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What's behind Chad crisis
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Thousands of civilians fled Chad's capital N'Djamena on Monday after armed rebels pulled back from the city, following two days of fierce fighting in an attempt to overthrow President Idriss Deby.

The heavy fighting broke out last Friday near N'Djamena between government security forces and some 2,000 armed rebels.

The death toll from the violence is still unknown, but some relief groups estimate that more than 50 people were injured, mostly civilians hit by stray bullets. Witnesses described the scenes as "bloody and chaotic" with bodies littering the streets and looting reported in many shops.

In recent years, the Chadian government has managed to repel offensives when the capital N'Djamena was besieged by rebels.

But this time, the rebels succeeded in driving straight in and capturing large parts of the capital. Analysts believe the readjusted stance of France, the former colonial power in Chad, may be one of the major reasons for the dramatic change.

They also point to a realignment of the various forces in the Central African region and of the many international factors that have been involved in the region.

It doesn't seem a mere coincidence that the rebel attacks came ahead of the planned EU deployment of a 2,500-strong peacekeeping force in February in both Chad and neighboring Central African Republic.

The rebels rushed to take action for fear that the peacekeeping force, composed mostly of French troops, would make their attempt to seize power even more difficult, given the fact that France has been a strong supporter of Deby since he came to power.

It is noteworthy, however, that France's low-key stance this time was a striking contrast to its de-facto intervention in 2006,when it offered help in transportation and intelligence, or even the direct reinforcement of presidential guards with French soldiers.

So far, France has confined its operation to protecting French citizens residing in Chad, offering no substantial assistance to the government troops. French Defense Minister Herve Morin said France maintained a "neutral" military position in the conflict in Chad and Foreign Minister Bernard Kouchner said "we will support the party in power, support legality."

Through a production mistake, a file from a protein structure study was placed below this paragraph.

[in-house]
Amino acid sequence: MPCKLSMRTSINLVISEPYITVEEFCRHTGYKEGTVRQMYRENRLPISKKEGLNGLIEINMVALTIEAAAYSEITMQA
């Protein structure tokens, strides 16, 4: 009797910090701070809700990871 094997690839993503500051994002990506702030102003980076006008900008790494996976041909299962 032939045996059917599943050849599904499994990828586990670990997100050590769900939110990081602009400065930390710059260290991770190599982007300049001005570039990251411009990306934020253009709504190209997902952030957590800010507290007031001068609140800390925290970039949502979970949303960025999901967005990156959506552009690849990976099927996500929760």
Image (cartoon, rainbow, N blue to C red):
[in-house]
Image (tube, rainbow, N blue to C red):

Observers believe the Sarkozy government wants to turn French military presence in Africa into peacekeeping missions under the mandate of the United Nations or African Union, rather than involving itself in the internal conflicts of any given countries. This indicated France's readjusted overall strategy and foreign policies, they said.

"If they were to intervene, the neutrality of the European intervention in Chad is over and it would blow France's policy on European defense," said Roland Marchal, a Chad expert and researcher with the French Center for International Studies and Research.

Analysts believe that though President Deby has lost control of the entire country, African countries and the rest of the international community cannot afford to ignore the forces he represented and stand idle when crisis continues in Chad.

The recently-ended AU summit strongly condemned the rebels' attempt to seize power by force and categorically refused to recognize any undemocratic change of power in Chad.

UN Secretary-General Ban Ki-moon on Sunday called for an immediate end to the fighting in Chad, urging all parties to immediately cease hostilities and engage in dialogue so as to prevent further bloodshed.

He also reiterated the UN's long-standing condemnation of the use of military means to try to seize power.

Meanwhile, the UN Security Council began an emergency session late Sunday afternoon to discuss the situation in Chad.

Chad, a French colony until 1960, has been convulsed by civil wars and invasions since its independence, and the recent discovery of rich oil deposits has only intensified the struggle for power in the largely desert country.

The most recent series of rebellions began in 2005 in the eastern part of the country and one Chadian rebel group launched a failed assault on N'Djamena in April 2006.

(Xinhua News Agency February 5, 2008)

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